The benefits of portable GPS Navigation systems (Sat Navs) are some what's obvious. Portable systems are easily transferable from one car to another, and due to advances in batteries, can be transported and used outside of the car. So if you have two cars in your possession, or hire cars on a regular basis then the portable Sat Nav system is one you really need. In addition, most modern systems plug directly into you home computer, usually via USB. So maps and system software are more easily updated.
With this in mind, the in-car Sat Nav systems seem to have little advantages compared to the portable systems. However, for the single car user, the in-car Sat Nav removes the need of plugging in a Sat Nav unit for every journey, as leaving a portable system in a car is a security risk.
Fixed in-car Sat Navs also have larger and higher quality displays, usually as they do not need to be attached via a suction cup to the car windscreen, like their portable counterparts, which will only only hold up to a certain weight. So less cables and wiring cluttering up your dashboard. Fixed (in-car) systems which use CD or DVD to deliver their mapping data, also double up a DVD player, and some are supplied with a remote for control via back seat passengers. Manufacturer installed Sat Navs are even more integrated into the vehicle, and can also operate the radio and climate control.
In the past features such as bluetooth, POI (points of interest) and touch screens used to be in the real of in-car Sat Navs only, but are now available on mid to high-end portable GPS systems as well.
A major benefit, which is often overlooked, as it is not obvious just by viewing the two systems side to side, is that the fixed systems are a lot more accurate.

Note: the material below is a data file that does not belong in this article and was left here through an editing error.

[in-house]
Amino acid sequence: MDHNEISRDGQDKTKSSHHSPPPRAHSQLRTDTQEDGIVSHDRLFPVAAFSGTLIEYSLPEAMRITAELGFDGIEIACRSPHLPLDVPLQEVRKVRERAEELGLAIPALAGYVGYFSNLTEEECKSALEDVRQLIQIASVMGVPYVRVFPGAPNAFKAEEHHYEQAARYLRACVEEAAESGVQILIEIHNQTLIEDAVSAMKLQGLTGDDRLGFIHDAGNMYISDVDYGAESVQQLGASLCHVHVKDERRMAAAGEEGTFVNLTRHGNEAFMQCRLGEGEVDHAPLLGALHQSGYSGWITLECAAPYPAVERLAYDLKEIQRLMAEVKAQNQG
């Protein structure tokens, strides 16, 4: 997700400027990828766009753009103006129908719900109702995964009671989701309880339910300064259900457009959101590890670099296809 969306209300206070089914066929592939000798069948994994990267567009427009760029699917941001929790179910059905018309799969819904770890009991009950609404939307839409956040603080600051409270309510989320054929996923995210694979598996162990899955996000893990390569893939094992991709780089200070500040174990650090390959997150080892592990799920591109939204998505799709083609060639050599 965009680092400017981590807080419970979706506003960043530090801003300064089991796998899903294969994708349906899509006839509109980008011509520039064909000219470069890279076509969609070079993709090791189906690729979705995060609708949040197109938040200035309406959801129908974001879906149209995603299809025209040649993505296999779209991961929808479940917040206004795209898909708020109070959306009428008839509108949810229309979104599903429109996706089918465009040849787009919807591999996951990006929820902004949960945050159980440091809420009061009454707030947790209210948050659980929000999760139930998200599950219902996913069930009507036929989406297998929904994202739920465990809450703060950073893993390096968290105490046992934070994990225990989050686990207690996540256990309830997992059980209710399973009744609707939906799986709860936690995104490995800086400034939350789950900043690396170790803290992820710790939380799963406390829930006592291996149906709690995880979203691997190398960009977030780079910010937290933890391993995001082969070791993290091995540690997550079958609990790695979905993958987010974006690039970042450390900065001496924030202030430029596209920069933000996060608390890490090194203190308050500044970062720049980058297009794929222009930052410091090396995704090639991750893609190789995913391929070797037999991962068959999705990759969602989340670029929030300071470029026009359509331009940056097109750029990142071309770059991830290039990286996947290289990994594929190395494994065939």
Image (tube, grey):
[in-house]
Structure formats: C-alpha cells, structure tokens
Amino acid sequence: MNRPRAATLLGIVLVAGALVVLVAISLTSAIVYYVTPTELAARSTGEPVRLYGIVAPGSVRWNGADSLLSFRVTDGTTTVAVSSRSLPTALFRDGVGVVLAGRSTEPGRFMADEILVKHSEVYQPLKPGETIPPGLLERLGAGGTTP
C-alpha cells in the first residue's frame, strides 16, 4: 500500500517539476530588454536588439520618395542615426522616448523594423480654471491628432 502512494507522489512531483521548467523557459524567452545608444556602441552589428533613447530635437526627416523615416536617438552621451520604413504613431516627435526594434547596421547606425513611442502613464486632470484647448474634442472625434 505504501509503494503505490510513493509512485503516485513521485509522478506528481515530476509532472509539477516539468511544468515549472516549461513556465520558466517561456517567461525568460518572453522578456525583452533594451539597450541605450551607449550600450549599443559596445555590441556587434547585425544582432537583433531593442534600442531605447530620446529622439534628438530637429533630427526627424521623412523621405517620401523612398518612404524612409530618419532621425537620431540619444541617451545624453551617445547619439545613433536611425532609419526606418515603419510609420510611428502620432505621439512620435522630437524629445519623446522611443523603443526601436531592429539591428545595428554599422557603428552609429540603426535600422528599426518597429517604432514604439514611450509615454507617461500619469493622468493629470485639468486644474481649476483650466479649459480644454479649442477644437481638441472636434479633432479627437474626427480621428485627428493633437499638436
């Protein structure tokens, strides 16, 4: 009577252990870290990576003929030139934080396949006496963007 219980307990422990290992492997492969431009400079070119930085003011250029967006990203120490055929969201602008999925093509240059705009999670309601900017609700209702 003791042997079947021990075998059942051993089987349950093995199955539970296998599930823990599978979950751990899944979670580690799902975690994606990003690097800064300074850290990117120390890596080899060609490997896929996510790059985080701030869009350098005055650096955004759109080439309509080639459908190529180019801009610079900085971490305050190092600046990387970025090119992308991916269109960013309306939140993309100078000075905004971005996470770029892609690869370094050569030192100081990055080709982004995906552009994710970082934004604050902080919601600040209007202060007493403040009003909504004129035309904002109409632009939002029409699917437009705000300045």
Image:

Before, explaining this advantage, a little knowledge is needed on how GPS systems know where you are. GPS systems, use receive signals from three separate satellites, high up in orbit around the earth. Three satellites are the minimum required mathematically due to a process of triangulation that will calculate your exact position given the relative distance from the GPS unit to the satellites.
Both the fixed in-car and portable systems use satellite triangulation. However, in-car Sat Navs, also gather data from the vehicles electronics known as speed pulse or Vss. The speed pulse signal is typical used by the cars dashboard to display the speed of the car. In addition, there is a gyroscope embedded in the Sat Nav, that provides information on what direction the vehicle is turning. With this additional data, the GPS knows what speed and direction you are traveling much more accurately than using satellites only. This is especially usefully when the satellite signal is weak, or you are traveling through a covered area such as a tunnel. The problem is that with the extra cabling requirements, fixed systems need to be installed by an experienced mechanic.
In conclusion, the portable Sat Nav units are more convenient and accessible, where as the in-car Sat Navs are more accurate with larger screens, but require a more complex installation procedure.